The salary level test is based on the amount an employee earns. This standard salary level is increased by the overtime rule from $455/week ($23,660 annually) to $913/week ($47,476 annually) – or at least $27.63/hr. for computer professionals. Those paid less than the standard salary are entitled to overtime pay when working more than 40 hours/week. Employers are not required to pay a salary at or above the standard level unless claiming a white collar exemption. Overtime rules will automatically update salary and compensation levels every three years starting with 2020.

A big change to the salary level test is an employer can include non-discretionary bonuses or incentive payments to account for up to10% (up to $91/week) of an employee’s. To qualify, incentive payments must be paid at least quarterly. The employer must make a catch up payment no later than the first pay period ending after any given quarter where an employee does not receive at least the 10% of the standard salary in bonus payments. Failure to make the catch up payment means the exemption is lost for the applicable pay-period and all overtime wages that would have accrued are due to the employee.

Employees who meet the salary level may be exempt from overtime pay if they satisfy the duties test. The duties test remains the same in the overtime rules. This test applies differently based on the type of employee and their salary. Highly compensated employees, earning $134,004 base level salary or more annually, are subject to a more relaxed test than other professionals.

What Can Employers Do?

According to the Department, employers have many options for how to respond to overtime rules, none of which are favored by the Department. Employers do not have to require employees use a clock in/clock out system, so long as records are maintained accurately. Past that, once an employer determines if an employee satisfies all three white collar exemption tests, then they need to determine how or if to adjust hours and wages. Options suggested by the Department include (1) raise salaries to maintain exemptions; (2) pay current salaries with overtime pay after 40 hours; (3) reorganize workloads; and (4) adjust wages

Obviously one option is to raise salaries of employees to the minimum standard salary level. Presuming the employees compensated in an amount close to the standard level, this is a decent option- especially if the employee works overtime more often than not.

Reorganizing workloads or adjusting schedules can go a couple ways. Employers with some employees who are each under and over worked can distribute tasks so all employees work 40 hours or less per week. Or the employer may hire more part-time workers, while risking that if those workers want a full-time job they may leave once they find one.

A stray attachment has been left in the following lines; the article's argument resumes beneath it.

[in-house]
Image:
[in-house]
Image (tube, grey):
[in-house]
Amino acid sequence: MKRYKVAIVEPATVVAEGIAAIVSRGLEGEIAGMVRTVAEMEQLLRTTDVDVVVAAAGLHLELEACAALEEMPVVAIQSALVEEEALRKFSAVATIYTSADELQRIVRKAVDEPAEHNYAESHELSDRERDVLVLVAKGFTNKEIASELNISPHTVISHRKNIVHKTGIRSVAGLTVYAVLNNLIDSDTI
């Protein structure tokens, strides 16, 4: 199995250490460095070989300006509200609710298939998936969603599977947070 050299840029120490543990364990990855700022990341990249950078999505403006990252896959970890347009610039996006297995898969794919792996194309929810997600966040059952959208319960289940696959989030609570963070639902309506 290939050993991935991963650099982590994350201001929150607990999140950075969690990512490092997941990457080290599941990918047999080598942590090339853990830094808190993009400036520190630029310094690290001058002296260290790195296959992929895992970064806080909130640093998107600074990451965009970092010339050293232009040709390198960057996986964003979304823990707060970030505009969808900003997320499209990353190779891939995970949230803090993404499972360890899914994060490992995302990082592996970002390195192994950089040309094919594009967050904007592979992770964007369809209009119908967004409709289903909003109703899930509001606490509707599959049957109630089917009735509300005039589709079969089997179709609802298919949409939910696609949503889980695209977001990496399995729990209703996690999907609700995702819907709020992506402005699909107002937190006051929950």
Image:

Employers with employees not often working over 40 hours can simply pay overtime payments for the additional hours instead of worrying about the white collar exemption. Note employees must be paid based on actual hours worked for the period – as in the calculation of whether their wages are at or above the standard salary are based on the actual amount paid divided by actual hours worked – but again, employers cannot just reduce a salary if the employee works less than 40 hours in a given pay period.

Last, the Department suggests employers can adjust, with the mutual agreement of the employee, regular hourly wages and overtime wages so the total wages earned for a pay period are roughly the same, but apportioned in a manner that either satisfies the exemption tests or equates in the employer paying overtime- this is a hybrid of the first and second suggestions and may be hard to manage from employee to employee or for employer’s whose business fluctuates in an unpredictable fashion.

June 1st, 2016

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April 11th, 2016

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Finally, starting-May 16, 2016, businesses can raise up to $1 million every 12 months by crowdfunding–or targeting the public with low dollar, internet-based securities investment offerings-without general public registration.

Why the Wait? Congress gave the SEC 270-days to finalize rules upon implementation of the JOBS Act in April 2012. Those days came and went with the New Year. The 2013 New Year, that is. Proposed rules were not even approved until October 2013. To which the SEC received hundreds of response letters before the 90-day comment period ended. A speech by SEC Chair White left people expecting final rules in October 2014. However, an SEC agenda published shortly after, set a target adoption time of October 2015-making SEC’s crowdfunding rules creation a 24 month process.